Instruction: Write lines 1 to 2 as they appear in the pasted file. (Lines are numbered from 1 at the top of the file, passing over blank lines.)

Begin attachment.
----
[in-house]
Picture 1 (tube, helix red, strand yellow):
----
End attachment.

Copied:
[in-house]
Picture 1 (tube, helix red, strand yellow):